For Immediate Release
Date: Dec 19th, 2011
Contact: Dr. John Thompson
The Wide World of Sports
I can’t help but remember the ABC program that I considered the best of television as I was growing up in the fifties and sixties. Saturdays brought a variety of sporting competitions, some of which I had never heard of growing up in western Kentucky. It was black and white and it was pure amateur sport, no matter the venue. It may not have been total purity in following the rules of the game, but it was not tainted by steroids, doping or genetic manipulation. I think we could identify with the athletes and we were encouraged to emulate the integrity of that kind of sportsmanship. Memory is a wonderful thing when filtered by time and only the best remains.
Our profession just completed a competition that had the quality of that wonderful program, but without the commentary of Jim McKay. For the last year two very highly qualified and politically astute gentlemen have contested a very tight race for President of the American Dental Association. Kentucky and the Sixth ADA District had a stake in this program in that Dr. Andy Elliott was carrying our flag and wearing our colors. Now remember, Wide World of Sports also covered rattle snake hunts and curling, so I don’t feel this is a complete stretch.
In an age when associations are plagued by apathy and executive officers are often elevated by default, it is a sign of our strength as a profession that there is a vital and vigorous debate in deciding our leadership. Most of our membership may be oblivious to the process that elevates a colleague to the presidency of the American Dental Association. As someone who has been involved and actually attempted to manage a campaign for a great competitor who sought this office in the mid nineties, I feel it is worthwhile to contemplate the value of this quest.
Politics, like professional sports, has become jaded. It may be just this writer’s personal observation, but I do not find integrity to be an operative word in our political landscape. Likewise, I see professional golf as one of the last survivors in a world where the purity of the sport is the sport and the rules are the rules that the competitors play by.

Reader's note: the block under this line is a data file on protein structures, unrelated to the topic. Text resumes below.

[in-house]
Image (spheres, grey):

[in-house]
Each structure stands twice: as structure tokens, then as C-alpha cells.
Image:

Andy Elliott has been seeking the office of President of the American Dental Association for many years. His preparation had been complete and his prior service qualified him as a young candidate for the office. It was easy for many of us to see the leadership and vision that Andy provided our state and district delegations. When Andy declared his commitment and intention to enter the contest, it was with a great deal of support from ADA Trustee, Ken Rich and all who know him that the announcement was made last year. It was not out of just selfish motivation and regional pride, but a conviction that he should be shared with the collective association. When these decisions are made, the candidate has to be a fighter and willing to spend an entire year locked in a duel that will end with a single vote in October of the following year.
Let’s face it; you have to be special to think that you can ask your friends to sponsor you to the tune of $150,000. You have to be special to get a proven winner like Dr. Beverly Largent to take on the task of managing your campaign. And you have to be special to ask people to take time out of their practice to travel at their own expense to speak or make contacts on your behalf. You have to be special to ask and have associations contribute scarce resources to aid you in this contest. You have to be a confident, committed competitor and a winner to make this all happen, and that is Dr. Andy Elliott.
Through this past year we have watched an ebb and flow of the contest. There has been point and counterpoint. There have been jabs made and taken and certainly more than a few agreements to disagree. Both candidates became better competitors as the year went on and the better the competition the more it likened to a 1920’s golf match play with two gentlemen in their knickers doing their best to score while maintaining the composure of true gentlemen. The rules of play in an American Dental Association election may be anachronistic, but when followed it is a refreshing event compared to what society has become.
A well contested election is an incredible preparation for the persons who become the most visible voice for the profession of dentistry. To witness the quality of the competition that takes place is to understand the quality of the men and women who aspire to this office. As a profession we have been blessed by the leadership that rises to represent and guide us through the maze of outside influence that seeks to recast our roles and the excellence that we provide as oral health care for the public we serve.
The Andy Elliott Campaign for ADA President-Elect was a class operation from start to finish. The camaraderie and support offered by the entire Sixth ADA District of Missouri, Tennessee, West Virginia and Kentucky was incredible. The unity exhibited will carry forward for years to come. The real winner is our American Dental Association. In Kentucky we say this election came down to a photo finish at the wire. An election that is separated by sixteen votes out of four hundred sixty five votes cast is not a draw… there is a winner. Dr. Robert A. Faiella and the ADA First District are to be congratulated for a race well run. There is probably no one that understands better what Dr. Faiella has accomplished, and there is no one who will wish him greater success in the job he will undertake than Andy Elliott.
It was the quality of the trial and the brutal closeness of the race that brought to mind the mantra of that time gone by, “The thrill of victory and the agony of defeat!”